The people’s President and his titles

Heads of State and Government the world over seem to attract a lot of titles to themselves. A few of the titles relate to their duties while most are acquired as part of the whole process of big ego massaging. As a general rule, dictators acquire the longest and wordiest titles of all. There are very few exceptions to this rule.

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Any mention of meaningless titles will never be complete without a visitation of the titles assumed by Uganda’s Idi Amin Dada.

Although Amin had a relatively short tenure as President of Uganda from 1971 to 1979, he acquired a streak of titles that only faced stiff competition from his dictatorial tendencies for ridiculousness, inappropriateness and outrageousness. He was an epitome of evil and believed in using titles to intimidate his people.

Amin assumed a chain of titles some of which exposed his grandeur and stupidity. He demanded to be referred to as His Excellency President for Life and Field Marshal Al Hadji Doctor Idi Amin. Despite having a British military background, Amin ignored basic regimental tenets that define a Field Marshal as the highest military rank above a full general. When Amin sprung out the coup that deposed President Milton Obote, he was a mere Major General heading Uganda’s rag-tag army.

At the height of his imbecility, Amin embellished himself with titles such as VC (Victory Cross), DSO (Distinguished Service Order), MC, CBE (Commander of the British Empire), Lord of all the Beasts of the Earth and Fishes of the Sea. He pulled an ingenious dig at the British establishment by conferring unto himself the title of Conqueror of the British Empire in Africa in General and Uganda in Particular.

In less than eight years in power, Amin managed to amass titles that can only be attained by an individual within the reasonableness of two lifetimes. He loaded himself with a repertoire of titles that one man cannot ordinarily achieve within the limits of a mortal’s time on earth. If Amin had been blessed with as many years in power as President Robert Mugabe has so far served, his titles would read like the opening chapter from the book of vows of a secret cult of dictators.

What about the titles Mugabe has garnered? He has managed to cling to power for a period approaching 35 years. He has acquired a lot in his capacity as President of Zimbabwe. Some of the things Mugabe has naturally acquired include riches, properties, respect, dishonour, notoriety and a measure of meaningful and meaningless titles amongst other things. His length of time in power, his dictatorship and his selfishness have combined to precipitate Mugabe’s obsession with omnipotence. Inevitably, despots such as Amin, Iraq’s Saddam Hussein, Germany’s Hitler, Cambodia’s Khmer Rouge leader Pol Pot, and those closer to us came to be after the fulfilment of the said toxic precipitants.

At independence Mugabe humbly stuck with the modest title of Comrade Prime Minister. Later on he succumbed to diplomatic etiquette which imposed the title of His Excellency the Prime Minister of Zimbabwe upon him. With time he realised the value of investing in power. He sought to get validation from his subjects so as to feel powerful and in charge. The easiest way to make people acknowledge his might, potency and importance was to remind them of his areas of influence.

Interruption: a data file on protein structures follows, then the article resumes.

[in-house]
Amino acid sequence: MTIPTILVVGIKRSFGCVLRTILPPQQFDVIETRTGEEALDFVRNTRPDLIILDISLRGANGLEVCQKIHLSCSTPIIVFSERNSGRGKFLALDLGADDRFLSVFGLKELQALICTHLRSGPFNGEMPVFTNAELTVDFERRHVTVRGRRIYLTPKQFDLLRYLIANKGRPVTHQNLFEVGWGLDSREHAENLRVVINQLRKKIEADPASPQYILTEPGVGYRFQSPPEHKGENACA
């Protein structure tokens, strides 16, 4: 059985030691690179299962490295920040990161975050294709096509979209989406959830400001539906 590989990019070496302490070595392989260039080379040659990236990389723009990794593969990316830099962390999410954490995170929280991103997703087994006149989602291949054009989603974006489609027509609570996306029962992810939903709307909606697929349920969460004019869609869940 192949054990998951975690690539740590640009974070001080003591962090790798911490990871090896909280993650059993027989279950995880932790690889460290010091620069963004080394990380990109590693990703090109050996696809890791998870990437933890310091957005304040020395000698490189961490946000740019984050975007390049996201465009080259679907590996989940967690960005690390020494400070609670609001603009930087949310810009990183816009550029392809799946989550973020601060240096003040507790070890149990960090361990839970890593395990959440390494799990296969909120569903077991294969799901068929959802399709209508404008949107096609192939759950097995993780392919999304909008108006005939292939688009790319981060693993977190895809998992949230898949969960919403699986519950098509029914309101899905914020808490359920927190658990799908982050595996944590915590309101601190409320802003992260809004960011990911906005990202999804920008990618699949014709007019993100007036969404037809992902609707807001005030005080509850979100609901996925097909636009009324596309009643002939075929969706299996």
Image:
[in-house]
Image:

Mugabe started overloading himself with titles to panel-beat the people into submission. Currently, he has a string of titles that bring both shock and awe as well as some sense of humour.

It is common for Mugabe to be referred to as His Excellency, the President of the Republic of Zimbabwe, Commander in-Chief of the Armed Forces and President and First Secretary of Zanu PF. He has also accepted the titles of Chairman of Sadc and African Union Chairman.

In addition, the tired public has gone on to bestow upon him more titles only in despair. He is regularly referred to as Chancellor of all State Universities, Life President of Zimbabwe, “Son of Man”, Conqueror of the British Empire and Liberator of Farms. Such outrageous titles reflect the desperation within.

As Mugabe amasses more years in his unending tenure as president, it is obvious that he will be lumbered with a long and unbreakable chain of titles. He will continue to acquire some titles both formally and informally as well as officially and unofficially. Most of the unofficial titles will be bestowed upon him by restive citizens in a desperate bid to mitigate the suffering and the pain accruing from his dictatorship and tyranny.

The long list of official and unofficial titles leaders end up having is both a celebration of their personal achievements as well as an indictment of their archaic and despotic leadership styles. The operative rule is that if the titles are too many and too flowery to comprehend, probably they convey a statement of evil intent. Citizens who get tired of dominance have a right to seek solace from humour and they reserve the right to lampoon the executive institute.
Long live the life president of Zimbabwe.

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